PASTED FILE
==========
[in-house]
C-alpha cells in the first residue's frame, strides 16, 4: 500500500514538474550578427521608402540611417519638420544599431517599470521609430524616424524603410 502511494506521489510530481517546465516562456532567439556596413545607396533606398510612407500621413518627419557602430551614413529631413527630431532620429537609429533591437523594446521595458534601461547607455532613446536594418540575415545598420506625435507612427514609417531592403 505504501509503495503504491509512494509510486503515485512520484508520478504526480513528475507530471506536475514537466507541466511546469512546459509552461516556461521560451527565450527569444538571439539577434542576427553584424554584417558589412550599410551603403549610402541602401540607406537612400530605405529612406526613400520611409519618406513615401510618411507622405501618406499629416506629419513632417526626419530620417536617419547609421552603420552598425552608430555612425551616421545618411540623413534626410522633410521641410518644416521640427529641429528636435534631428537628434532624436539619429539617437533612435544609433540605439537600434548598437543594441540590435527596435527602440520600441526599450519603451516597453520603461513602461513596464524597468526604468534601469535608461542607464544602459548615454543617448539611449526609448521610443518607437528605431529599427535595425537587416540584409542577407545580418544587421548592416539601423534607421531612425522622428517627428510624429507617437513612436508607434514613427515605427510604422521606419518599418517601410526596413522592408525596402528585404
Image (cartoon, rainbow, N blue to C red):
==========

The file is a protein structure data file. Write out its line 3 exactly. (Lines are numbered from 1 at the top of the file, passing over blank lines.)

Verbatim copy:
Image (cartoon, rainbow, N blue to C red):